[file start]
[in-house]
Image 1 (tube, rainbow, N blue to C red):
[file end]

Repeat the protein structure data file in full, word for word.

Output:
[in-house]
Image 1 (tube, rainbow, N blue to C red):